What is the situation on the Somerset Levels?
The Levels and Moors have filled with flood water following severe wet weather seen during December 2013 and January 2014.
Around 11,500 ha of land has been under 65 million cubic metres of water.
What is the problem?
The capacity and conveyance of the Main Rivers across the Levels and Moors (namely the Rivers Parrett and Tone) are heavily impeded with silt.
In a number of places this means the channel has only around 60% of its intended design capacity from when the rivers were engineered in the 1960s. Routine maintenance dredging of both rivers ceased in the late 1990s.
Hasn't this happened before?
Flooding on the Levels and Moors happened throughout much of 2012. The duration of the flooding then was greater, but the area covered was less (~9,500ha).
What action is urgently needed?
Dredging needs to be conducted on these main rivers to help contain normal river flows within bank and help evacuate water from future flood events.
What will dredging achieve?
Dredging on its own is unlikely to completely prevent flooding on the Levels and Moors from the events of January 2014 or those seen in 2012.
However, dredging will help reduce the extent (area) flooded and the duration that flood waters remain on the land (days instead of weeks).
Furthermore, it would mean less frequent flooding and quicker and more efficient recovery of the Levels and Moors.
What's the EA's national flood maintenance budget?
While funding remains strong under the current government for capital projects that are largely focused on building new defences, the Environment Agency’s revenue budget for flood risk management has declined by £49 million from £275 million in 2010-11 to 226 million in 2014-15.
Furthermore, the cuts to spending on maintenance are likely to have been even sharper as other activities such as flood warnings and incident response have been prioritised. However, there is a lack of transparency around the exact figures spent on maintenance by the Environment Agency.
Is a lack of maintenance to blame for the floods?
Yes, in part. Recent weather events have seen greater than average rainfall and some severe storms, meaning some flooding would be inevitable.
However, maintenance is a long term issue, keeping assets and watercourses in condition means they will be better able to cope in the future. The impacts are cumulative, the longer an asset or system goes without maintenance the greater the risk it may not perform. Not all rivers need active intervention such as de-silting or vegetation management but the current balance of works by the Environment Agency especially in lowland areas seems insufficient.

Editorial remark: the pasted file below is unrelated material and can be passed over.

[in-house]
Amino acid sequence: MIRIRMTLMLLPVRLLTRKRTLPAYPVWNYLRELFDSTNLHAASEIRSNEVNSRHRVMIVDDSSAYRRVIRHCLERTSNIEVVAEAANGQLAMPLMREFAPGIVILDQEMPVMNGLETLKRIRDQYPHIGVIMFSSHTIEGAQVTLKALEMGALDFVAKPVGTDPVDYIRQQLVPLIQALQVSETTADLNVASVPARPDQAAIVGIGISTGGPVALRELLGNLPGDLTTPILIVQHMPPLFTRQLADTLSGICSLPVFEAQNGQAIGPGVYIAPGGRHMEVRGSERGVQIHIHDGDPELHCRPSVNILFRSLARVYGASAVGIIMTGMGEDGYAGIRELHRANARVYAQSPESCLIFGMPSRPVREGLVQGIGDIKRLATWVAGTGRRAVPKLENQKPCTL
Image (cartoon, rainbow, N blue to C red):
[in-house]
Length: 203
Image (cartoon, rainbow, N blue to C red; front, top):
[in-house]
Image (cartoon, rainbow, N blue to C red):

The NFU has also produced a briefing for members on the powers and duties of the Environment Agency to undertake maintenance works on Main Rivers and the rights of landowners and occupiers.
What are the pros and cons of dredging?
Dredging is an effective tool in the right circumstances to enhance the conveyance and capacity of lowland rivers, moving water from where it is accumulating to pumps or out to sea.
However, where flows are naturally moderated, dredging is not generally effective in managing flood risk except at pinch points such as weirs, overflow channels and culverts.
Careful dredging and bank maintenance can increase the biodiversity and nature conservation for man-made drainage channels and modified rivers if appropriate modern methods are used. The Association of Drainage Authorities have produced a Myth Buster on Dredging.
What are farmers doing on the ground?
What are farmers doing on the ground to prevent flooding on their land? And thus reduce damage to the landscape and wildlife?
Farmers can do a lot already to reduce the risk of flooding on their land, maintaining field drains and ditches surrounding fields, avoiding blockages in these and looking at land management techniques where appropriate that encourage water infiltrating into the soil rather than running across the surface.
Agri-environment schemes and guidance schemes such as Catchment Sensitive Farming offer funding support for farmers to implement measures that not only help reduce flooding or erosion in field and downstream but also reduce the amount of nutrients entering watercourses making them better environments for fish and other wildlife.
On our main rivers, farmers need the consent of the Environment Agency to undertake works currently. This can be bureaucratic, so seven River Maintenance Pilots are investigating ways of reducing the regulatory burden to ensure the job can get done more efficiently whilst ensuring farmers undertake works in an environmentally sensitive manner.